Edgar Allan Poe’s “The Masque of the Red Death” has been on a lot of people’s minds of late. Lucky, affluent people gathered for a masked ball, sickening and dying? Yes, it sounds like all manner of conservative “Super Spreader” events.
The Norwegian writer-director Jarand Herdal takes that basic premise and puts it in a post-apocalyptic setting with “Cadaver (Kadaver),” a thriller about guests invited to the last hotel for dinner and a show.
As even a passing knowledge of Poe, the briefest acquaintance with horror or the damned obvious title gives away where this is going, the pleasure in this thriller comes from tone, tricks, committed actors and execution. The writer-director, making his feature film debut, ensures that those come off with style.
Some sort of nuclear event — the old newspapers blowing down the ruined streets in perpetual gloom or rain aren’t clear — has brought on End Times. Accident during heightened tensions, or attack, it doesn’t matter. Bodies are everywhere as people die of starvation some months after the disaster.
Actress Leonara (Gitte Witt) and husband Jacob (Thomas Gullestad) navigate this world of doom, where every closed door opens onto a fresh horror — a suicide, a desiccated corpse — with their ten year-old daughter Alice (Tuva Olivia Remman).
The adults take turns bucking each other up (in Norwegian, with English subtitles).
“We have nothing left.” “We have to hang in there. We have each other. We have Alice.”
In an every person for himself world, peril is everywhere, especially in the dark. Despair rules the daylight.
And then, a break, a lifeline. A barker advertises “dinner and a show” at The Hotel. Dress up, regain your humanity, if just for a night. How do they have food? How could there still be a staff? Don’t look a gift theatrical horse in the mouth.
But…your daughter. “This show isn’t for children.” Please, she’s an actress’s daughter. Look at the horror around you. What could shock or scar her now?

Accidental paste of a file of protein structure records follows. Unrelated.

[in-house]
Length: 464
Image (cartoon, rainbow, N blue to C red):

Mathias (Thorbjørn Harr) is the maître d’ and MC for the evening and their “first time guests.”
“Forget the world outside,” he urges. Eat, drink, enjoy, escape.
He presides over a vast wait staff and busy kitchen. And the show? You’re a part of it, everyone and everything you see will be “theater.”
It’ll be like “Tony & Tina’s Wedding,” with bickering and sex and oh, a little murderous violence.
See what I mean about “We know where this is going?”
Of course, Alice-the-wandering-child is separated from the parents. They’re hurled into a frantic search, “mid show,” for their child, through scores of rooms, kitchens, convincing themselves “It’s not real” right up to the point they know it is.
“Cadaver” relies too much on tropes and coincidences. But it succeeds or fails on the back of the performances, and they’re quite good. Witt in particular gets across a smart, dogged woman of the theater who isn’t falling for this or that and isn’t leaving without her daughter.
Harr gets across a sort of End Times louche. life, love, hope, the essentials of humanity, are but abstract concepts now. Doom does that to a guy. And when that takes hold, you don’t fear death, but you lose any sense of morality and humanity.
“Cadaver” is gorgeous to look at — the ruined city reminded me of that classic British post-nuclear thriller “Threads” — and well-played, but predictable enough to amount to a mixed bag of a thriller. Still, at under 90 minutes, it gets to its point and makes its impressions in a near rush, and wastes none of the viewer’s time doing it.
MPAA Rating: TV-MA, graphic violence, sex
Cast: Gitte Witt, Thomas Gullestad, Thorbjørn Harr, Tuva Olivia Remman, Trine Wiggen
Credits: Written and directed by Jarand Herdal. A Netflix release.
Running time: 1:27